The mythic cycle of Odin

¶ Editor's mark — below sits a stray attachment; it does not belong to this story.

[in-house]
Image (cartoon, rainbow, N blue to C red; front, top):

The myth Odin is best known in the context of Scandinavian mythology, although he is an old god who fi gures in the mythologies of other northern peoples as Woden, Wodan, Wotan or Woutan (North 1997). He has a priestly as well as a martial role, and he served as the patron of aristocrats, warriors and poets (Byock 2005: xviii). In Old Norse mythology, Odin appears as the head of the pantheon and as the king of the Asir gods (Nordberg 2003). His nature is particularly complicated and contradictory, and he is the most ambiguous in character and attributes of all the Nordic gods. His name derives from a word that would mean something like ‘leader of the possessed’. In Old Norse the word o∂r meant both ‘poetry’ and ‘frenzy’ (Lindow 2001: 250), and Odin is the furious ecstasy-god as well as the lord of inspiration and magic. He takes different names in virtually all the myths and more than 156 alternate names for him are known (listed in Orchard 2002: Appendix A), including All-Father, the High One and Val-Father, which means ‘Father of the Slain’ (Byock 2005: xviii). More than anything, however, he is the great sorcerer who uses his ‘wisdom’ to place himself atop the hierarchy of all living creatures (Lindow 2001: 250). In all, nine magical acts are ascribed to him. Among these are the following: he can appear in whatever shape he chooses – man, woman or animal; he commands the magic of the weather; with words he can extinguish fi re, calm the seas and turn the winds; he can communicate with the dead; he possesses oral magic, galdrar (spells and chants) (Simek 1996: 97 f.) and the magic of writing – the runes (Ynglinga Saga chs 6-7). Through self-sacrifi ce and self-infl icted torture he attained the highest power, that is, made himself the master of runic magic. He sacrifi ced himself by spearing himself and by hanging in the World Tree (Yggdrasil), the holy tree, for nine stormy days and nights and through this suffering won magic, the art of runes, and powerful spells – that is, wisdom and knowledge.